Favourite TV show –– so many choices, but I will have to say it is a tossup between Big Bang Theory and Scandal.
Favourite song –– Team by Lorde.
Why did you choose Scotland to pursue your Master’s in actuarial science?
I spoke with a former Harrisonian who attending Heriot Watt (HW) to pursue actuarial science and his reviews of the experience encouraged me to look into the university. The final selling point for me was the fact that Heriot Watt was also a research university. The impact of this was phenomenal. Let me give an example.
One day, in the middle of a financial mathematics class, the lecturer announced a special guest lecturer to teach the new topic The Wilkie Model. This may not seem exciting by name alone, but Professor David Wilkie himself taught the class on his updated model.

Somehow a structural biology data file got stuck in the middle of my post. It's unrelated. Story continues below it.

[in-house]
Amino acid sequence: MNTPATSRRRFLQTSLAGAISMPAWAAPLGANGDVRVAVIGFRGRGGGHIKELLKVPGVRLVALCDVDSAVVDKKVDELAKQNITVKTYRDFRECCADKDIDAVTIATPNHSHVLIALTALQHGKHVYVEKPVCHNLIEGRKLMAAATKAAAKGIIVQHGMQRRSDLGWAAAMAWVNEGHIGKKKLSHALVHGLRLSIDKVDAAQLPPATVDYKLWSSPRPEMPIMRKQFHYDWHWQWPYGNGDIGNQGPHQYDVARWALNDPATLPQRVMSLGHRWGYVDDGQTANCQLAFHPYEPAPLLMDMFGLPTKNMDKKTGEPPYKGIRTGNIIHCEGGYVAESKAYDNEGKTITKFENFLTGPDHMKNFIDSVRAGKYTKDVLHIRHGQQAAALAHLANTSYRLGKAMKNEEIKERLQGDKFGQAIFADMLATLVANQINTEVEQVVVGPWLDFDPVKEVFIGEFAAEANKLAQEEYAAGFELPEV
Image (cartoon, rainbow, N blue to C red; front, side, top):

This was one of the best days at HW –– being taught by the very person who developed a model, or a theorem, or a philosophy! I am sure most students would love the opportunity to learn directly from the master.
There may be many people reading who do not know what an actuary does. Can you enlighten them?
The Society of Actuaries’ definition of an actuary is a business professional who measures and manages the financial implications of future events. This may yet be a little vague, but the role of actuary is not one definition or job description. Actuaries are a group of versatile individuals working in areas such as but not limited to life insurance, health insurance, investment, risk management and pensions.
A great way to learn more about the actuarial profession, especially in the Caribbean is to visit the Caribbean Actuarial Association’s website at www.caa.com.bb.
What was the transition and experience like living and studying in Britain?
The initial shock was due to the weather. It was cold, damp and mostly grey skies; but it was quite an experience overall. In my class there were people from Ghana, Nigeria, India, Arabia, Mauritania, United States, Cameroon, China, Singapore, Ireland, just to name a few. It was a diverse class with persons from across the globe and varying backgrounds.